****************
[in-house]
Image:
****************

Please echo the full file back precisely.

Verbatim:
[in-house]
Image: